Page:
Olanzapine

  • Olanzapine can cause drowsiness and dizziness. If this happens, make sure your reactions are normal before you drive or use tools or machines.
  • Keep your regular appointment with your doctor so your progress can be checked.
  • Olanzapine may cause your skin to become more sensitive to sunlight than normal. Use a sunscreen to protect your skin.
Type of medicine Antipsychotic
Used for Easing the symptoms of schizophrenia and other similar mental health problems
Also called Arkolamyl®
Zalasta®
Zyprexa®
Available as Tablets, Velotabs® (dissolve in the mouth tablets), and injection

Schizophrenia is a serious mental health condition that causes disordered ideas, beliefs and experiences. Olanzapine is used to relieve the symptoms of schizophrenia and other similar mental health problems. Such symptoms include hearing, seeing, or sensing things that are not real, having mistaken beliefs, and feeling unusually suspicious.

Olanzapine works on the balance of chemical substances in your brain.

Olanzapine is also available as a long-acting or 'depot' injection. This injection is given every few weeks and slowly releases olanzapine so that you do not have to remember to take tablets every day. There is another medicine leaflet called 'Olanzapine long-acting injection' which gives more information about this.

Some medicines are not suitable for people with certain conditions, and sometimes a medicine may only be used if extra care is taken. For these reasons, before you start taking olanzapine, it is important that your doctor knows:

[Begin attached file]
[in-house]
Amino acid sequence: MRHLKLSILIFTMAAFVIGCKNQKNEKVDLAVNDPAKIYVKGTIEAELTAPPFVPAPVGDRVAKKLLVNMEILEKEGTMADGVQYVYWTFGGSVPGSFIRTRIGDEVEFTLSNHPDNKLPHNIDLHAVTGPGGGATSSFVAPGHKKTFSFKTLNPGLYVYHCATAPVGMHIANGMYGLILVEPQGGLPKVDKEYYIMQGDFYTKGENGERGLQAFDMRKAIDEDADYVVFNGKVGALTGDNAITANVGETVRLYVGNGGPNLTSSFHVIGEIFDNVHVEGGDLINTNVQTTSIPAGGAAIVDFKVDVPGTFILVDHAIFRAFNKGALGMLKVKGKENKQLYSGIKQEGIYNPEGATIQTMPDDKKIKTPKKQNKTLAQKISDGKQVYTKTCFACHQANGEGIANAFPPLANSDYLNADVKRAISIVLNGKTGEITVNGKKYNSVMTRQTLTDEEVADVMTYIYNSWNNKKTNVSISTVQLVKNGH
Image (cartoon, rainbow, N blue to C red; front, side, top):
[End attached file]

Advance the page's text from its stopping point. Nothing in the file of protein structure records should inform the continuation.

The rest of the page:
• If you are pregnant, trying for a baby or breast-feeding.
  • If you have a heart condition or blood vessel disease.
  • If you have liver, kidney, or prostate problems.
  • If you have breathing problems.
  • If you have any of the following: diabetes, epilepsy, Parkinson's disease, depression, glaucoma, or myasthenia gravis (this is a condition causing muscle weakness).
  • If you have a blood or bone marrow disorder.
  • If you are constipated or think you may have a blockage in your bowel.
  • If you have ever had jaundice (yellowing of your skin and the whites of your eyes).
  • If you have a condition called phaeochromocytoma (a tumour on your adrenal gland).
  • If you have ever had an allergic reaction to any medicine.
  • If you are taking or using any other medicines. This includes any medicines you are taking which are available to buy without a prescription, such as herbal and complementary medicines.
  • Before you start this treatment, read the manufacturer's printed information leaflet from inside your pack. The leaflet will give you more information about the specific brand of olanzapine you have been given, and a full list of possible side-effects from taking it.
  • Take olanzapine exactly as your doctor has told you. It is taken once each day. Your dose will also be on the label of the pack. You can take olanzapine before or after your meals.
  • Try to take olanzapine at the same time each day, as this will help you to remember to take it. If you do forget to take a dose, take it as soon as you remember (unless it is nearly time for your next dose, in which case leave out the missed dose). Do not take two doses together to make up for a forgotten dose.
  • If you have been given Zalasta® orodispersible tablets or Zyprexa® Velotabs, these are tablets which dissolve in your mouth. Do not try pushing the tablet through the blister of the packaging as it may crumble; instead, peel open the packaging, remove the tablet from the blister and place it on your tongue to dissolve. Or if you prefer, you can dissolve the tablet in a glass of water and then drink it straightaway.
  • Your treatment will require careful monitoring to make sure that you get the best possible benefit from olanzapine. Keep your regular doctor's appointments so that your progress can be checked. You will need to have some tests from time to time.